Fortunately, as I have only one bathroom I am able to tell married friends regretfully that I cannot accommodate the husband as I hate to share a bathroom with a strange man. My flat has offered a bit of freedom to several women friends.

JessM Tue 15-Nov-11 09:17:16

Maybe your friends are envious too...
Just maybe...
Not worth getting irritated - you could ignore, tell them not to make assumptions about you or make a joke of it "Why on earth would I want to share a bathroom with a smelly man?!" or some such. Or you could allude to a string of young lovers that you keep at a distance. Which would make them even more green with envy!

greenmossgiel Tue 15-Nov-11 09:18:20

susiecb, I've been with a lovely man for 41 years after a short but horrible marriage to a foul person when I was really young. I find that what we do is what he wants to do. I love it when he goes to watch motorbike racing, because I'm not expected to go to that! However that's not all that often. He knows my every move too, and although he doesn't actually question me on where I've been I'm very aware that it wouldn't be expected of me to go to the nearest big town by myself and without him. So, yes, Carol and Greatnan, I envy you too! smile

Barrow Tue 15-Nov-11 09:32:27

Yes this would, and does, annoy me. I have only very recently been widowed after a long and happy marriage to a wonderful man and already people are saying to me that I could meet someone else and won't be alone forever.

Firstly, at the moment the thought of someone else taking my husbands place causes me actual pain and secondly I am someone who can be happy with my own company. I have many friends who I meet regularly for lunch and coffee but I don't get worried if I spend a day without seeing any of them.

bagitha Tue 15-Nov-11 09:35:15

I left my first husband because he didn't like me doing things that were "not expected" of me, such as looking attractive in my late thirties and having a mind of my own when I should have simply been an adjunct to him.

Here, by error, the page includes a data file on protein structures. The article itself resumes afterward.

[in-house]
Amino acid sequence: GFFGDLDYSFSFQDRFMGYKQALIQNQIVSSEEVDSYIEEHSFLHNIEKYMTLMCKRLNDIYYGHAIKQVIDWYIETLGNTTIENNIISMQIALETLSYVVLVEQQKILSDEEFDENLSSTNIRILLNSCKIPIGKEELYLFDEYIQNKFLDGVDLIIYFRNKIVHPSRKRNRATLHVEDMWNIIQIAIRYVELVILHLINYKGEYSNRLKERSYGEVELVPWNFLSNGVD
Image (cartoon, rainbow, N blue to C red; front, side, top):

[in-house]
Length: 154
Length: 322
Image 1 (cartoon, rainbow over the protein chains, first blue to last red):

Good for you, greatnan, being so independent in spirit and in fact. It is a good example to the irritating fuddy duddies of the world smile.

Greatnan Tue 15-Nov-11 09:41:04

I suppose that almost everything we do requires some compromise - if you order the steak you can't have the chicken! Just occasionally, when I see my daughter and her adored husband together, I think it might have been nice to have a soul mate, but I am now far too fond of my independence to contemplate sharing the remote!
The men I met when I was on the dating scene, seemed to fall into three categories - widowers who wanted a replacement for the wife who had done everything for them, divorced men who were bitter, and men who had never married and lived with their mother until she died. Oh, and of course there were the usual predatory married men looking for a 'bit on the side'. I did meet one who was not quite perfect but very intelligent, kind and quite attractive, but his adult children were very concerned about their inheritance and I decided I could not cope with their unremitting hostility.

At the age of 58, I decided I was no longer interested, so I retired to a remote part of France and the make-up, contact lenses, hair colouring and glamorous clothes were once again jettisoned, but this time it was by my choice. I spend all the money I save on travel, books, music and gifts to my very large family.

glammanana Tue 15-Nov-11 09:42:29